A conceptual model for migratory tundra caribou to explain and predict why shifts in spatial fidelity of breeding cows to their calving grounds are infrequent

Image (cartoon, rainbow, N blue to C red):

AbstractCalving grounds of migratory tundra caribou (Rangifer tarandus) have two prominent characteristics. Firstly, the cows are gregarious, and secondly, the annual calving grounds spatially overlap in consecutive years (spatial fidelity). The location of consecutive annual calving grounds can gradually shift (either rotationally or un-directional) or more rarely, abruptly (non-overlapping). We propose a mechanism to interpret and predict changes in spatial fidelity. We propose that fidelity is linked to gregariousness with its advantages for individual fitness (positive density-dependence). Our argument is based on a curvilinear relationship between the density of cows on the calving ground (which we use to index gregariousness) and spatial fidelity. Extremely high or low densities are two different mechanisms which can lead to reduced spatial fidelity to annual calving grounds and reflect the caribou’s adaptive use of its calving ranges.
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